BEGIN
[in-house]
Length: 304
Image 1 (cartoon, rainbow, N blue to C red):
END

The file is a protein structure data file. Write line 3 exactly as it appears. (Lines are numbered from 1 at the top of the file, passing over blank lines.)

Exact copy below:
Image 1 (cartoon, rainbow, N blue to C red):